Bring in John. John is the second boy mentioned in the jacket summary of this story. WHAT. A. BABE. He's super hot, he's super confident, and he's super kind. He's brought in when Peter and Lara Jean's relationship starts to get bumpy.
Here's the part that ruined me from completely loving this book. In the same way the last story of the SUMMER series felt like a boy-choice-cop-out, I felt like Han almost invited John in purely to give Peter a reason to fight harder for Lara Jean. And I get it--it's kind of how high school relationships really work. But, again, I felt like the way the story was going throughout the novel, and the way the novel ended just didn't fit. I don't want to say I'm disappointed in it like I was with her other series' ending, but I felt unsatisfied and a little confused.
Other than that, I loved the story! (I know--kind of a switch from how I've been talking.) The way Han creates such a real family dynamic with Lara Jean and her sisters and dad is wonderful. (You know me. I'm a sucker for family.) I want more books just so I see how her family turns out! Does Dad start dating? Will Margot come home with a serious boyfriend, or Kitty make up with her friend? Will the new pup learn any tricks?? I'm so invested in her family, which made me feel right at home in the story.
And also, shout out to Stormy. I want nothing more than to be her when I'm older! If you read the book for anything, let it be her crazy personality.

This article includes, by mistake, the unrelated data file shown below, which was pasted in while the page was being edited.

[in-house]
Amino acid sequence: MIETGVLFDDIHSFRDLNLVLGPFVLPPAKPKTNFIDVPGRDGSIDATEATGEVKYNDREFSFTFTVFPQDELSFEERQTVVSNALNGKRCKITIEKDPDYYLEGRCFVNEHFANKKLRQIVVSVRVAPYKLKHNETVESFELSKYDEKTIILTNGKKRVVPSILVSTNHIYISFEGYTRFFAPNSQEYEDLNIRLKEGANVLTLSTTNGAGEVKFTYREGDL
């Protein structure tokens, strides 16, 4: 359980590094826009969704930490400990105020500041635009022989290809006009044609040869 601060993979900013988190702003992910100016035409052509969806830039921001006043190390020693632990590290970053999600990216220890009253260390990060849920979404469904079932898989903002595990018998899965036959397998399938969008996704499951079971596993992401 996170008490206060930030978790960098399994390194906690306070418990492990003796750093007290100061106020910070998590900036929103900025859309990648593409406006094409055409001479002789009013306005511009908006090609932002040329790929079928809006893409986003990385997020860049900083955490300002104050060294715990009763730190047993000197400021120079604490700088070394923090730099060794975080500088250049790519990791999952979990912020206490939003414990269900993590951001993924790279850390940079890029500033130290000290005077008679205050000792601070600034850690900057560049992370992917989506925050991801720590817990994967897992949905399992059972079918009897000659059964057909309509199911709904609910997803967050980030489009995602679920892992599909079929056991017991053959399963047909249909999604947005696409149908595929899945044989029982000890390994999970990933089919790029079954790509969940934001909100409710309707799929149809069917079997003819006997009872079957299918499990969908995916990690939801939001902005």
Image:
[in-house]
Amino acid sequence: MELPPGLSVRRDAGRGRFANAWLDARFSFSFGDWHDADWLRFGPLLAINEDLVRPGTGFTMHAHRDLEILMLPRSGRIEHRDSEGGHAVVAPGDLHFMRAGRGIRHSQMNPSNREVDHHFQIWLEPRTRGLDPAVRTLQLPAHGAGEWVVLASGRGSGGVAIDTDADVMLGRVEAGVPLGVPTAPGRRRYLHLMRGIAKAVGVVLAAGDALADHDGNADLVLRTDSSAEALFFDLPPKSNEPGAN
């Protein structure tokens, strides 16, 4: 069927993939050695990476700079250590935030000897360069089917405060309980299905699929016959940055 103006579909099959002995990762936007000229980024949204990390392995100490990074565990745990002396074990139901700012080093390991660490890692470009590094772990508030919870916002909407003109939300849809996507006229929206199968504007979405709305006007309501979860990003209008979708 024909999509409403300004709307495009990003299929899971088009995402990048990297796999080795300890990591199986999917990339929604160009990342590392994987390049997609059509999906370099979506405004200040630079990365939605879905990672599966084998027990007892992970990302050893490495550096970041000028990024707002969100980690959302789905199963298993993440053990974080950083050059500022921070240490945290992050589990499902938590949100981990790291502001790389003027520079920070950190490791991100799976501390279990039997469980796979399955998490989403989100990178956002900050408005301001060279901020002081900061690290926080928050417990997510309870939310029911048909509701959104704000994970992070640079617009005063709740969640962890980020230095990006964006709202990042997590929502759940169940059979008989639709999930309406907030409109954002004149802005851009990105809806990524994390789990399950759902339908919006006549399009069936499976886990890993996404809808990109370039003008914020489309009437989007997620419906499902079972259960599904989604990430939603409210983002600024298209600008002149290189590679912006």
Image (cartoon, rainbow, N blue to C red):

Overall, I think a lot of my complaining spurs from the fact that Han made me fall in love with a boy, only to choose a different one. You can decide which is which for yourself, and if Lara made the best decision! Otherwise the story was wonderful, and I'm glad to have it accompany the rest of Jenny Han's stories on my bookshelf.
I don't want to sound like a lame-o fakey, but here's the deal: I'm overwhelmed. And listen to this: The last time I was blogging with a decent bit of knowledge was four or five YEARS ago. Truly. TRULY.
That's such a long time! Literally about a quarter of my life! And I don't know how so much time passed. Since then, lots of things have changed.
But I mean I don't feel like things have changed, and they obviously have.
On twitter a few nights ago I was having a bit of a crisis about where I stand in terms of bookishness and blogging. Basically how I feel like an impostor. You see, for me, it feels like when I took a break from blogging and reading religiously, the rest of the world must have, too. And they didn't.
So the books that were new when I was still in the game still feel new to me. And I still feel like I'm in the know about new authors and stories, when in reality I can't tell you more than a couple of books that have come out recently, and they're written by authors I already love.